With amazing weather, world-renown hospitality, and a ton of activities and attractions, picking just one “best time of year” to visit Roatan can be a challenge—how do you pick just one?
What Airlines Fly to Roatan?
Getting to Roatan is easy-peasy, with multiple flights arriving daily from US and international points of origin. Airlines that fly to Roatan include:
- Delta (Atlanta), American (Miami and Dallas), and United (Houston) from the US,
- Air Transat and Sunwing from Toronto and Montreal, Canada,
- Avianca Airlines from San Salvador, El Salvador,
- Cayman Air from US cities through Grand Cayman
- And Tropic Air from Belize City.
Where is the Roatan Airport?
Juan Manual Gálvez International Airport is located in Coxen Hole, on the island of Roatan, serving regional and international carriers from a wide variety of points of origin. Also known as Roatan International Airport (airport code RTB), the centrally-located airport is mere minutes from anywhere on Roatan you want to be; step out of the airport and onto Roatan’s gorgeous beaches in no time flat!
Roatan Car Rental
When traveling to the island, most visitors choose to forego car rentals in Roatan, preferring walking and the ease and relative safety of taxi cabs. And given the fact that the island has an abundance of cabs, getting a cheap fare should be a simple prospect (note: you can expect to pay extra on trips to, and from, the airport).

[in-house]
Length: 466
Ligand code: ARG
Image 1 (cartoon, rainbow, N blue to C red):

If you’re set on renting a car during your Roatan vacation to explore, we are happy to make those reservations for you with trusted local agencies. Avis, Dollar, and Econo all rent cars to tourists, booking online through the big companies is not a guarantee that you will get the car you reserved. We recommend making the reservation directly with the smaller local companies, or better yet, having someone local make the reservation for you.
Top 5 Things to Do in Roatan
When you’re vacationing in Roatan, there are so many activities, it’s often hard to fit it all in, even if you’re staying the average week to ten days. And if you’re trying to get it all in on shore leave from a cruise ship? Forget it. You’ll be missing most of the incredible things to do in Roatan.
Like any fun-packed trip, when searching for things to do, time is at a premium. Fortunately, we’ve been there, and we can safely say that below, if you don’t have fun with this list of the top 5 things to do in Roatan, you should probably check for a pulse!Diving- Of course, no list of the top things to do in Roatan would be complete without mentioning diving. In the later parts of the 20th century, Roatan was one of the diving world’s best kept secrets. Boasting a number of fascinating shipwrecks, as well as the incredibly biodiverse Mesoamerican Reef (think hammerhead, nurse, and reef sharks, barracuda, sea turtles, jacks, grunts, tuna, rays, eels), the waters around are teeming with treasure, both literally and figuratively.
Water Sports - With the reef so close, there is amazing snorkeling just a minute or two from the shore. There is so much to see in and around the reef that many visitors prefer the ease of snorkeling versus diving. Paddle boarding and kayaking are also very popular because the sea is so calm on the north shore and the water so clear.